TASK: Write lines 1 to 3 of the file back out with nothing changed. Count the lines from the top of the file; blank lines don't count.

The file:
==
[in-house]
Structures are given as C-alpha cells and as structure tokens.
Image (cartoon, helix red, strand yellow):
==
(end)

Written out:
[in-house]
Structures are given as C-alpha cells and as structure tokens.
Image (cartoon, helix red, strand yellow):